(Reuters) – The Federal Reserve needs to raise interest rates quite a bit further and then hold them there throughout next year and into 2024 to gain control of inflation and bring it back down toward the U.S. central bank’s 2% goal, St. Louis Fed President James Bullard said on Monday.
“We’ve got a ways to go to get restrictive,” Bullard said in an interview with MarketWatch, as he restated his conviction that the Fed’s target policy rate needs to rise to at least a range between 5.00% and 5.25% from the current level of 3.75%-4.00% to be “sufficiently restrictive” to reduce inflation.
Once at a high enough level, rates would then “have to stay there all during 2023 and into 2024” given the historical behavior of inflation, Bullard said.
The Fed has raised its policy rate by 375 basis points this year, the fastest pace of tightening since the early 1980s as it tries to quash stubbornly high inflation. By the central bank’s preferred measure, inflation is running at more than three times the Fed’s target.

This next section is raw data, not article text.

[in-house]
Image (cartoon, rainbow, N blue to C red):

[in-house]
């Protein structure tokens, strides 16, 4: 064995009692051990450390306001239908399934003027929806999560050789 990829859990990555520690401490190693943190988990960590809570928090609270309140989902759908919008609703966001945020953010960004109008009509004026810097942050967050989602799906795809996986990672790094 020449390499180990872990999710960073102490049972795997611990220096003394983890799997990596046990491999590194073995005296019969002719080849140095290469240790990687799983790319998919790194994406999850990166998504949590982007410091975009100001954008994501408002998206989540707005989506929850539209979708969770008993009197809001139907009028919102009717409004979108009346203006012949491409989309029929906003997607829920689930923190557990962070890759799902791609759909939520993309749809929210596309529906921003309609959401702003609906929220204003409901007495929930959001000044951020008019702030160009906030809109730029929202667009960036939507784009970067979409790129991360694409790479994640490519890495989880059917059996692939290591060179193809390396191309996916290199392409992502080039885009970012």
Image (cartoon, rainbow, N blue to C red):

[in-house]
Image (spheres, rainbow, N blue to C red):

“We want to get this inflation under control much sooner than in the 1970s,” Bullard said, noting that he prefers to get the policy rate up in short order to create the conditions for price pressures to ebb throughout next year.
However, Bullard also repeated comments made earlier this month that he would defer to Fed Chair Jerome Powell regarding how much higher to move rates at upcoming policy meetings.
Investors overwhelmingly anticipate the Fed to raise its policy rate by half a percentage point at its next policy meeting on Dec. 13-14.
(Reporting by Lindsay Dunsmuir; Editing by Chizu Nomiyama and Paul Simao)